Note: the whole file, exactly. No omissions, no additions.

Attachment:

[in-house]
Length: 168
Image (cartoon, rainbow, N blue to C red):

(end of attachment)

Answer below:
[in-house]
Length: 168
Image (cartoon, rainbow, N blue to C red):